The Ultimate Food Photography Guide

The Ultimate Food Photography Guide

My ULTIMATE food photography guide - including my favorite props and ceramics, tools all about lighting, composition, styling as well as all my favorite equipment, camera gear and lighting.

The Ultimate Food Photography Guide

Food Photography Tips

Lighting

Natural Lighting ~  I personally shoot in natural lighting, I find it's the best for food photography. However, this can also depend on the mood and tone you're trying to accomplish. I personally like bright, white colorful food photos, so that's why utilizing natural light works, however, if you are going for a more moody tone then artificial lighting, nighttime food photography or dark tones may work best for you. 

I personally love to shoot in overcast lighting next to a window. I like the sharp and bright images without any direct sunlight with an overcast shadow. 

Artificial Lighting ~  You can also utilize the bright colorful images with artificial lighting. Although more expensive and takes some practice in terms of technique to accomplish, you can definitely use this too. 

The Ultimate Food Photography Guide

The Food Itself

This is one of the main food photography tips I can give you! You don't have to think TOO much into this but it should be on your mind. Make sure you are developing recipes/plating itself that looks great. An image can do so much, but the colors and textures of the dish is what you really want to be the star.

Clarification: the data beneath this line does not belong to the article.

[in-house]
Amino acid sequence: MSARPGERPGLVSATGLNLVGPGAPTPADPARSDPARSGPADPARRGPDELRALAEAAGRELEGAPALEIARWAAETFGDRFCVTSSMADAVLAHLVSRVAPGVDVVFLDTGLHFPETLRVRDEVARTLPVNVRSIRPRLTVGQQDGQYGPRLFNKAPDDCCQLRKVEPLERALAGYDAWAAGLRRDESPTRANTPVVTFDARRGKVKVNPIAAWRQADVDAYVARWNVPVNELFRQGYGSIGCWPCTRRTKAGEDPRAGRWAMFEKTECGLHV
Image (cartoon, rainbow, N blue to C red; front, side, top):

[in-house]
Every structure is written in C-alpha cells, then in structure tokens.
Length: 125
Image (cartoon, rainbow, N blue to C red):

Think before you plate, how can I make this look it's best? You can imagine how the camera will pick up the colors as well. A tomato soup that is red can look vibrant, but it can be elevated with a little bit of olive oil to add texture, some basil for a pop of green while still allowing the tomato soup to pop and be the star of the dish.

Human Element

I've found that by incorporating hands and arms in photos, it gives the photo texture and a human element + emotion to the image. It can sometimes elevate an image just right. Use it to hold chopsticks, pick up lettuce wraps or to dip nachos in queso for example. 

Mood/Tone

The mood and tone of a food photo depends on the style you're going for. You can utilize a bright image or a moody dark tone. Its up to you. Mess around with different settings and find your style! 

The Ultimate Food Photography Guide

Props and Backgrounds

For props, ceramics and my favorite photography backgrounds, you can look at my blog post here. 

My newest + favorite food photography backdrop at the moment is this one below from Toile Blanche:

The Ultimate Food Photography Guide

I have another pair of boards from Toile Blanche and I am IN LOVE. It is such a high quality board and not to mention, it photographs beautifully.

I am also a huge fan of anything Lodge or Staub. I also always take a look at any Marshall’s or Ross when I’m in the areas of any locations - sometimes you can find some really great gems! If there are any local estate sales or garage sales near by, that can also be a great place to find cheap and affordable props and styling tools. More on props here. You can also shop my favorite ceramics and props here as well in my SHOP.

Some of my favorites at the moment are:

The Ultimate Food Photography Guide

Styling

Start simple, snap and keep adding ingredients and props.